A NASA space capsule flew around the moon on Monday, marking the first time the space agency has reached the lunar object with a craft designed for occupancy since 1972.
NASA’s Orion capsule left Earth during the early morning hours of November 16, atop the most powerful rocket ever created by the space agency for a mission expected to last 25 days, 11 hours, and 36 minutes. .
The capsule is expected to travel 1.3 million miles before landing off the coast of Baja California on December 11.
NASA’S ARTEMIS 1 MISSION: MEGARROKET AND ORION SPACECRAFT LAUNCH SUCCESSFULLY IN THE MIDST OF HISTORIC RETURN TO THE MOON
But before the capsule returns, NASA plans to have it in orbit around the moon for six days.
The Artemis program is NASA’s latest plan to revisit the moon.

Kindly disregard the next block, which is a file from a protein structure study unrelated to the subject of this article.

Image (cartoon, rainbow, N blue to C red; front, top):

The capsule, loaded with three mannequins, headed for the dark side of the Moon, where communication with Earth was interrupted for half an hour.
The blackout, according to the Associated Press, left flight controllers in Houston wondering if a critical engine ignition went well. The capsule then appeared behind the Moon, 232,000 miles from Earth.
NASA’S ARTEMIS I LAUNCHES TO CLOSE US TO ‘SUSTAINABLE HUMAN FOOTPRINT ON THE MOON’
As the Orion space capsule circled the moon, it took a picture of Earth. In a tweet, NASA said: “Artemis I will soon surpass Apollo 13’s record distance from Earth in a spacecraft designed to carry astronauts.”
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The last time NASA sent astronauts to the moon was during the last mission of the Apollo program in December 1972.